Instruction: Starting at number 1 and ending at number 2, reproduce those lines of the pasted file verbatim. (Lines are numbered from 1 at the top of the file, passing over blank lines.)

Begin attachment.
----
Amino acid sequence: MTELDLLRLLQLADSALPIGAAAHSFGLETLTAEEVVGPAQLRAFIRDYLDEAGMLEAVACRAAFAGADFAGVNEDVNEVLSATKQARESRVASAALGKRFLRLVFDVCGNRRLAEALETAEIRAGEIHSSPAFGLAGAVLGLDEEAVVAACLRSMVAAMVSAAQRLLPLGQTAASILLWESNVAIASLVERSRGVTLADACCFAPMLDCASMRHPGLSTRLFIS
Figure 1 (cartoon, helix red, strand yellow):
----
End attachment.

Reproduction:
Amino acid sequence: MTELDLLRLLQLADSALPIGAAAHSFGLETLTAEEVVGPAQLRAFIRDYLDEAGMLEAVACRAAFAGADFAGVNEDVNEVLSATKQARESRVASAALGKRFLRLVFDVCGNRRLAEALETAEIRAGEIHSSPAFGLAGAVLGLDEEAVVAACLRSMVAAMVSAAQRLLPLGQTAASILLWESNVAIASLVERSRGVTLADACCFAPMLDCASMRHPGLSTRLFIS
Figure 1 (cartoon, helix red, strand yellow):